I’m now 28. I’m graduating from law school in 2 weeks. The number-21-ranked University of Illinois. Hell of a school. I have no paying job lined up, but I’ve founded a charity to raise money for medical research into a cure and prevention of AIDS. I’m taking the bar exam at the end of July. In New York. I had to take out an extra loan to do so. My school thinks I just purchased a $2500 macbook air. And I haven’t been on third date in over a year.
So Kimberly and I are standing on the balcony, and promising apotheosis, which is a new word that I learned on that super swank and extraordinarily cold balcony, and I’m counting the number of lights in the Greatest City in the WorldTM, and imagining the promise and potential for a new year, and although I wouldn’t admit it to Kim at the time, and I feel guilty for even bringing it up here, there remained the cynical (or pragmatic) voice in the back of my head (the one with the voice that’s halfway between Meryl Streep and Dennis Haysbert) that generally says things like “those jeans give you have Mom Hips” or “that GPA isn’t going to get you into Columbia” (this voice is generally both authoritarian and accurate), but which was on this particular extraordinarily cold evening asking “when does potential run out?”
And that’s the question with which I am left today.
When does potential run out?
I think it just kind of did.
I mean. I don’t really mean that in a bad way. Well. Maybe in a less than ideal way. Or least a less than idealistic way. But I’ve hit that point in my life. I have my education, I have my career path, and I’m working on doing things. But I think this is the year that people will stop looking forward to what I’m hopefully going to do, and start looking at what I’ve done. Which is a surprisingly short list.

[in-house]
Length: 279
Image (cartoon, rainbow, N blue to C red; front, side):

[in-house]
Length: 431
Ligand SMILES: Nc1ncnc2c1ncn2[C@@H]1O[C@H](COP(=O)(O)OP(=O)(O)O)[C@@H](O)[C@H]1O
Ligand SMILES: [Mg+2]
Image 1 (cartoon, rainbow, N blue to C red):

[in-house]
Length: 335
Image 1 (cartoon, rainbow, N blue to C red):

I recently saw on Facebook that one of my friends (not a close friend, but a friend) just opened a show on Broadway. To be fair, actually, a slightly less-close friend opened one there earlier this year. Another set of friends (closer friends, this group) is opening a hell of a show off-broadway. Another friend posted new photos of the show (just closed) that he did with John Mahoney. Another friend just won a woman an emergency order of protection against a rapist.
These are things they’ve done. I … on the other hand … well, I just haven’t … actually … done … anything yet. I’ve prepared to do a lot of things. I’ve … studied a lot. And I’ve laid a lot of groundwork. And I’ve started to build from the ground up – in a way that may or may not pay off handsomely for me or for the world. But for now, as of yet, I have done … actually … nothing. All there is is potential. Which maybe just ran out.
If I were to end there, this would be quite the existentialist rant – nothing is left, all is bleak and there an end. But, as I say, it’s not an upsetting thing, necessarily, that potential maybe ran out. It just is. Now I have to actually achieve as opposed to suggesting that I might someday achieve. So the bar’s been raised. Which I guess is good.
It’s just so damn scary.
So I guess that’s today’s adventure. I thought it was (7) “being honest with the internet.” Maybe it’s also (8) “standing up and being an adult.” I mean. Is that it? Is that the moral I was supposed to take from this whole “having adventures” thing? That adventuring isn’t some kind of high that we grasp sporadically, but something that we do throughout the mundane day-to-day? That it’s okay to have a homely little apartment in Central Illinois and no one to share it when I’m closer to 30 than 25? That the biggest adventure we can have in life is to actually plunge in and live life from day to day? I mean that would turn the polar bear plunge into a really convenient metaphor, but Christ. How irritatingly “Our Town.”
I don’t like being an adult. And it’s only been two hours and thirteen minutes. But I suppose I’ve made that decision already, so it’s too late to change my mind. When I wake up tomorrow, I’m an adult. It’ll be my first full day as an adult, which is a little bit creepy, but there you go. The sick thing about this is the sense in which because tomorrow is my first full day as an adult, it’s the beginning of a new adventure. Which means that there’s new potential.